Majors look to Japan for projects

Success of local pics attracts o'seas shingles

Hollywood pics used to dominate the Japanese market, the world’s second largest, with regal ease. But with Japanese viewers turning more toward local product, Hollywood majors are looking to get in on the Japanese action. Studios are partnering on remakes of such American hits as “Sideways” and “Ghost” to help appeal to the Japanese market.

As recently as 2002, foreign pics, led by Hollywood product, recorded a 72.9% marketshare, accounting for the top seven B.O. slots. The balance of power, however, has since shifted, with Hollywood scoring fewer hits beyond the Harry Potter, Spider-Man and other mega franchises, while local films, especially pics backed by the Japanese TV networks and distribbed by powerhouse Toho, have gained ground.

In 2008, only two Hollywood pics — “Indiana Jones and the Kingdom of the Crystal Skull” and “I Am Legend” — appeared in the annual B.O. top 10, with local pics and the Chinese period epic “Red Cliff Part I” taking the other slots.

 The Hollywood majors have reacted by ramping up local production, much as they have in other markets around the world, but with a few only-in-Japan twists. Hollywood majors are finding the best way to work with the Japanese, is joining production consortiums consisting of TV networks, advertising agencies and other media companies.

 The upside of this system, which has been in place for nearly three decades, includes not only a sharing of risk, but a pooling of PR clout. A network, for example, can flog its own pics on its own shows, in addition to airing the usual ads. A Hollywood major serving as a distrib for such a consortium, as Warner Japan did with the two smash “Death Note” fantasy thrillers, can bank a tidy profit while trimming its ad budget. The downside, of course, is that Warner had to share the pics’ combined $86 million B.O.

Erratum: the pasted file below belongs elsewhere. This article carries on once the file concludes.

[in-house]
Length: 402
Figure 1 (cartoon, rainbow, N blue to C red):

Seeing the potential for bigger paydays, Warner Bros. and other Hollywood majors in Japan are taking a more active role in development. Led by local production director Hiroyoshi Koiwai, Warners now has a staff of 10 working on its upcoming slate of local pics. More than 10 are in development, with one feature toon and at least two live-action pics soon to be announced.

 The 2009 slate already includes “Subaru,” Lee Chi Ngai’s drama about girl who dreams of becoming a professional ballerina, set for a March bow, followed in April by “Oppai Volleyball” (Breast Volleyball), a sports-themed teen comedy, and in early May by “Goemon,” an big-budget action fantasy helmed by Kazuaki Kiriya, whose 2004 epic “Casshern” was widely distribbed and screened abroad.

Koiwai notes that “Subaru” was produced with investment from four Asian countries, so sales throughout Asia and perhaps even in the U.S. should be robust.

 Also getting into the local production swim is Fox Japan, under the leadership of general manager Jesse Lee.

Fox is producing the Japanese remake of the hit 2004 Alexander Payne drama “Sideways” with the Fuji TV network. Tyro Cellin Gluck is helming while Rinko Kikuchi (“Babel”), Kyoka Suzuki, Fumiyo Kohinata and Katsuhisa Namase star. Fox will bow the pic next fall.

 Fox is also developing pics with other local partners,  and distributing “Gunjo” (Cobalt Blue), a romantic drama about two generations of women who experience love on Okinawa. Also active as a local pic producer is Sony Pictures Entertainment Japan, which is joining with veteran producer Satoru Iseki’s Tara Contents shingle and other equity partners to make “Rain Fall,” a Japan-set thriller. Gary Oldman stars, while Australian Max Mannix scripts and directs. Sony plans to release the pic wide for the April/May Golden Week holiday. 

 Paramount Japan’s first local production will be “Ghost,” a remake of the 1990 hit. Pic is being produced by horror maestro Taka Ichise (“Ring,” “The Grudge”) and due in 2010. 

Meanwhile, Disney Japan hasn’t plunged into features yet, but is making a series of toon shorts with local partners, including anime powerhouse Toei. Titles include “Fireball” and “RoboDz.”

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